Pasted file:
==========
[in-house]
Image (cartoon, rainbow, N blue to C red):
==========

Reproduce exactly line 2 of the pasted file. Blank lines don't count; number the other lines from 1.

Image (cartoon, rainbow, N blue to C red):